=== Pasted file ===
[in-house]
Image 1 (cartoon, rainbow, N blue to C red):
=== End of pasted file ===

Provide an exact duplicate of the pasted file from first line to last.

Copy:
[in-house]
Image 1 (cartoon, rainbow, N blue to C red):